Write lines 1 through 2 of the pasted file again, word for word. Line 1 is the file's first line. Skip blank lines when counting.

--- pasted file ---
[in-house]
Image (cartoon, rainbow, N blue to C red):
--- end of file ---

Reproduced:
[in-house]
Image (cartoon, rainbow, N blue to C red):